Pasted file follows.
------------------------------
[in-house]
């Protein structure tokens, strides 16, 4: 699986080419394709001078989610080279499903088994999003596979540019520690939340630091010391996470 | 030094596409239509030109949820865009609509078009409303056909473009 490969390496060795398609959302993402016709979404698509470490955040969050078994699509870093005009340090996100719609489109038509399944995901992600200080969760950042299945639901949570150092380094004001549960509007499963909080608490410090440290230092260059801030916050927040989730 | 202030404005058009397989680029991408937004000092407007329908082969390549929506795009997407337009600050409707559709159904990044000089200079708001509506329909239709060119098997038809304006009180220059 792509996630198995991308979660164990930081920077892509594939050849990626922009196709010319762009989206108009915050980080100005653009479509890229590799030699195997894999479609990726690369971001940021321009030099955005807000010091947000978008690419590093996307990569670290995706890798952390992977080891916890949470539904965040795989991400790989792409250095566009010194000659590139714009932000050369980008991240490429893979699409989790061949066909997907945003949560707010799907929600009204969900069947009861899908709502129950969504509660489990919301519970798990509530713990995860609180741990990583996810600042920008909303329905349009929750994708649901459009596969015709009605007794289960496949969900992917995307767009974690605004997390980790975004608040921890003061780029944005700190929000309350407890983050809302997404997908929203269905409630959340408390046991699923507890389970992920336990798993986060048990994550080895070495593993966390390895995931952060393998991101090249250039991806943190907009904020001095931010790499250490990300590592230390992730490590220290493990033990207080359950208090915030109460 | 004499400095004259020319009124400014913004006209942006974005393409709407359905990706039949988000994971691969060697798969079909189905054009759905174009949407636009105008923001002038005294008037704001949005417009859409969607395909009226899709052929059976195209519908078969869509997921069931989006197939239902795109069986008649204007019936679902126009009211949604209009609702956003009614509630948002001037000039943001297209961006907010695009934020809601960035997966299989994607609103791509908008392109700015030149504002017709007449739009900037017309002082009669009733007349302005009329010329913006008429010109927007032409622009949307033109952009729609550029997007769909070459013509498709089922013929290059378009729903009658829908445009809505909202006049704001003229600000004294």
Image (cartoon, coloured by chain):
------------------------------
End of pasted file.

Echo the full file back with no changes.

[in-house]
């Protein structure tokens, strides 16, 4: 699986080419394709001078989610080279499903088994999003596979540019520690939340630091010391996470 | 030094596409239509030109949820865009609509078009409303056909473009 490969390496060795398609959302993402016709979404698509470490955040969050078994699509870093005009340090996100719609489109038509399944995901992600200080969760950042299945639901949570150092380094004001549960509007499963909080608490410090440290230092260059801030916050927040989730 | 202030404005058009397989680029991408937004000092407007329908082969390549929506795009997407337009600050409707559709159904990044000089200079708001509506329909239709060119098997038809304006009180220059 792509996630198995991308979660164990930081920077892509594939050849990626922009196709010319762009989206108009915050980080100005653009479509890229590799030699195997894999479609990726690369971001940021321009030099955005807000010091947000978008690419590093996307990569670290995706890798952390992977080891916890949470539904965040795989991400790989792409250095566009010194000659590139714009932000050369980008991240490429893979699409989790061949066909997907945003949560707010799907929600009204969900069947009861899908709502129950969504509660489990919301519970798990509530713990995860609180741990990583996810600042920008909303329905349009929750994708649901459009596969015709009605007794289960496949969900992917995307767009974690605004997390980790975004608040921890003061780029944005700190929000309350407890983050809302997404997908929203269905409630959340408390046991699923507890389970992920336990798993986060048990994550080895070495593993966390390895995931952060393998991101090249250039991806943190907009904020001095931010790499250490990300590592230390992730490590220290493990033990207080359950208090915030109460 | 004499400095004259020319009124400014913004006209942006974005393409709407359905990706039949988000994971691969060697798969079909189905054009759905174009949407636009105008923001002038005294008037704001949005417009859409969607395909009226899709052929059976195209519908078969869509997921069931989006197939239902795109069986008649204007019936679902126009009211949604209009609702956003009614509630948002001037000039943001297209961006907010695009934020809601960035997966299989994607609103791509908008392109700015030149504002017709007449739009900037017309002082009669009733007349302005009329010329913006008429010109927007032409622009949307033109952009729609550029997007769909070459013509498709089922013929290059378009729903009658829908445009809505909202006049704001003229600000004294």
Image (cartoon, coloured by chain):